Born and raised in Macau, Florita Alves is a fully pledged Macanese. Titled as the true ambassador of Macanese cuisine she has traveled to many countries promoting the gastronomy of Macau as well as the Michelin star A.Wong in London. Since then she has been playing a big role in the community helping citizens understand the authenticity of our city’s cookery.
What sparked your interest in Macanese cuisine?
Macau in the past was nothing like what it is in these days, it was a Mediterranean city with limited resources. At a young age, I always helped my grandmother with housework and shopping. With limited activities in my past time observing the people in the market and their eating habits caught my attention. But after I got married is where the real spark began, my husband’s helper was a very great cook and my inlaws had a very extensive social life so I had the privileged to taste authentic Macanese cuisine. And since then it has become a really big part of my life.
How will you describe the Macanese cuisine in three words?
Tasty, homely and nostalgic….
You are known as the true ambassador of the Macanese cuisine. How does that feel?
I actually don’t consider myself an ambassador, in fact, it never occurred to me ever that I had such a title. I’m just contributing my part as a Macanese in preserving its culture as a cuisine. Encouraging and also helping others as well to do their part.
Which according to you is the most popular Macanese dish today? Why?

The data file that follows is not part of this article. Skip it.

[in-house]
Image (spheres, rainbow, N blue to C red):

I would say it is the minchi rice a very easy dish to prepare and you can find the main ingredients such as minced beef or pork, eggs, potatoes, onions and oyster sauce in any supermarket or grocery store. It is a simple dish but how it’s made and cooked brings out an interesting part of our culinary tradition.
What type of ingredients aside from seasonings can be found in most of the Macanese dishes?
I would have to say some of the Indian spices, such as turmeric has a big influence up until this day in Macanese cuisine. Tamarind, star anise, ginger and soy sauce from the Chinese side and the most important seasoning is sugar. Because for me sugar just brings it all together.
Have you ever thought of perhaps writing a cookbook to pass on to the next generation?
Yes, indeed. I already have a completion of my own recipe cookbook, but unfortunately, due to personal reasons, I do not have the opportunity to publish it yet. But hopefully, in the future, I may be able to fulfill this dream.
Will we be seeing a restaurant managed by you in the future?
At the moment I am assisting some people in running their restaurants to use another approach to the art of gastronomy. It is not just limited to Macanese cuisine. I would rather be involved in the culinary industry playing a more active role to realize my potential as a hotelier or a chef.